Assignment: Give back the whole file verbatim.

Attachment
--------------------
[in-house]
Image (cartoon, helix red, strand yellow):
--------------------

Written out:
[in-house]
Image (cartoon, helix red, strand yellow):